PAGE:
16. Woot!! I have the first (and one other of his) and the last (plus 3 others of his) is on it's way already.

    I'll be on the hunt for 2nd and 3rd drops.

    Thanks mate. :)
  17. Okay then, if you sit there and only play premium/semi premium hands, you're going to be labelled a "nit", and when you do pick up those big hands, you're gonna get barely any action, to be a good poker player, you need to be able to play all the weaker hands, and your suited connectors.. to hit the bigger hands.

    AA KK QQ JJ ( jacks are pretty easily cracked) can easily be outdrawn and if you only play those hands, or only pairs or J10 Q10 etc.. you're just going to limit yourself to small pots, unless you get it all in with AA on a dry board.. and the villain doesn't hit his draws/flushes etc..

    You may as well play blackjack.. as i mentioned in my other post, tom dwan,phil ivey,daniel negreanu etc.. are some of the worlds best poker players.. (phil iveys networth is around 100 million, he did have a stake in full tilt poker, before it closed down.. but hes won many millions online and live.. and lost many millions as i said.

    They play crap hands, and suited connectors, and everything, they bluff, they have good reads etc.. and thats why they're successful.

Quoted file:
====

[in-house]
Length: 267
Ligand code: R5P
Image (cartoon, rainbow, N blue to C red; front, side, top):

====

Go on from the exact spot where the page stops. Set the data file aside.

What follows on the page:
If you can shove a million dollars into a pot with nothing, and bluff guys off their big hands, its pretty amazing.

    you can't be successful at poker only playing premium hands, its just not possible.

    Speaking of 7 2, in some of the big cash games, they like to play 7 2 and have sidebets.. where if you play 7 2 and win the pot and show it, IE bluff the other guy off of his hand, with pressure.. you win the sidebet.

    its fun to watch when they do this, if you youtube tom dwan... you'll see him play this hand, and win.

    Also @ROB, suited connectors or unsuited connectors, many pro poker players.. and even good amateurs.. play them, because of the good percentages on hitting straights, flushes, straight flushes etc.. its easier to call a 3xbb bet and chase your draws, if the flop comes out in your favour.. if it comes out dry, its easy to throw away the hand and not lose any extra money.

    If you want to be a tight nit style player, thats fine.. but unless you're deepstacked and happy to blind off, and get it all in pre-flop.. with those big hands and hope they hold up, you're not going to win heaps of money.. sure there are professional nits, but they don't get much action, unless someone who doesn't know their style of play, decides to play them.

    Online and live are 2 completely different kettles of fish, as i said.. but if you want to do more research and learn more stuff, head over to "two plus two forums" its the biggest poker forum online, and also checkout "Highstakes DB.com" for online reports, and high stakes reports.. and you'll see how much money is involved with the top level pros and amateurs.
  18. I'm capable of varying my play if I need to.
  19. Noted.
  20. Yeah, you don't wanna stick to one style.. unless it works for you.